Table of Contents
International Journal of Evolutionary Biology
Volume 2011 (2011), Article ID 741357, 12 pages
Research Article

The Implications of the Working Memory Model for the Evolution of Modern Cognition

Departments of Anthropology and Psychology, University of Colorado at Colorado Springs, Colorado Springs, CO 80918, USA

Received 17 September 2010; Accepted 18 January 2011

Academic Editor: Parth Chauhan

Copyright © 2011 Thomas Wynn and Frederick L. Coolidge. This is an open access article distributed under the Creative Commons Attribution License, which permits unrestricted use, distribution, and reproduction in any medium, provided the original work is properly cited.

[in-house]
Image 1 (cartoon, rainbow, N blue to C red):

What distinguishes the cognition of biologically modern humans from that of more archaic populations such as Neandertals? The norm in paleoanthropology has been to emphasize the role of language and symbolism. But the modern mind is more than just an archaic mind enhanced by symbol use. It also possesses an important problem solving and planning component. In cognitive neuroscience these advanced planning abilities have been extensively investigated through a formal model known as working memory. The working memory model is now well-enough established to provide a powerful lens through which paleoanthropologists can view the fossil and archaeological records. The challenge is methodological. The following essay reviews the controversial hypothesis that a recent enhancement of working memory capacity was the final piece in the evolution of modern cognition.